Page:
Templars and Iron Crosses

Psalm 86:5

Who knew that we would meet a Knight of the Templar Order today. It was a day of adventure and accomplishment.

We left the peaceful village of Rabanal del Camino a little after 7:30. It was bright sunshine but blessedly cool for the morning. We faced a 600 meter climb, almost 2,000 ft, so we were nervous about heat despite rain yesterday. We reached the village of Foncebadon by a little after 9. I had coffee and Peggy took care of business. We did eat the bananas I had carried enough. Lots of Pelegrinos drinking coffee and excited about reaching one of the major landmarks on the Camino, La Cruz de Ferro.

The Iron Cross was a further 2 Kms up the road. We reached it along with many others. Everyone took turns posing and placing their rocks on the pile. The rock pile has been growing from Celtic times and became a Christian monument as the Camino started. A hermit named Gaucelmo topped the Roman/Celtic cairn with a cross. Christians have been depositing rocks, photos, notes, etc. ever since. People bring their stones bearing their contrition. We followed suit although our stones weren’t too big. It’s a Protestant thing. We waited our turn and took a memorable photo. Left before the tour bus full of “Pilgrims” had a chance to complete their 2 Kms pilgrimage from Foncebadon before and take the bus back to the city. Not very Christian but not too sorry.

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Dropped down a bit to the remains of the village of Manjarin where we not only enjoyed a Limon but met a genuine Knight Templar, Tomas. He has been resurrecting the long abandoned village and has created a bit of an oasis on the mountain. We did not take his picture as it is better that we leave him to your imagination. Let me say that the Templar in the Indiana Jones movie and he are about the same vintage. I wonder if we have room for a Templar in Sonora?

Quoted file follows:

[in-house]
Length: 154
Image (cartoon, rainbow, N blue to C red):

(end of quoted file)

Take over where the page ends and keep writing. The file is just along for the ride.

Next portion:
Passed through amazing stands of white broom and purple heather. Many pictures.

After climbing 600 meters, we were about to descend 900 meters or 3,000 feet. It was pretty hard negotiating the shale and slate down a steep slope. Finally reached a respite at the village of Acebo where we and most others stopped for lunch. Nice egg and ham Bocadillo and a Limon. During the middle ages the villagers of Acebo were exempted from taxes if they would maintain trail markers in the snow. That was not our problem. It was getting hot. Dropped another 4 Kms to Riego de Ambros built on the side of the hill. Continued our descent down shale and slate slopes. Not easy. Getting warmer.

We could see our destination Molinaseca in the distance. Continued on despite the building heat and tiredness. Reached our village about 2:30 after covering better than 26 Kms over tough ground. Delightful town and a nice hotel. Showers and headed out for a beer. Watched the crew removing winter rock flows from the river under the Roman bridge. It would have been the perfect job for our backhoe owning neighbors.

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Should be an easier walk tomorrow as we are now 216 Kms from Santiago and no real mountains for a couple days. We are in the Bierzo region of Spain while we walk towards Galicia. The region is surrounded by mountains and has a unique climate good for wine. Might try to find some.

2 thoughts on “Templars and Iron Crosses

  1. Wow! What a day you have had and glad to know the next few may be a bit easier! The flowers, mountains, and villages were great to see in pictures and I imagine very wonderful in person.. Hope the rest of the hike is super also. It is good here.

  2. We’re very happy to hear that you’re over that hump. What a huge effort you’ve been making! I’m disappointed not to see your Templar, though. And yes, I’m sure he’d fit right in on Big Hill–no matter what he’s like. There’s always room for one more oddball.

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